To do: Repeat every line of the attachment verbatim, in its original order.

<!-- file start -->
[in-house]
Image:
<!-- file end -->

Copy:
[in-house]
Image: